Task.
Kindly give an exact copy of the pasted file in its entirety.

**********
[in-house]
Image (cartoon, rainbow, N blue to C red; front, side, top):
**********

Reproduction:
[in-house]
Image (cartoon, rainbow, N blue to C red; front, side, top):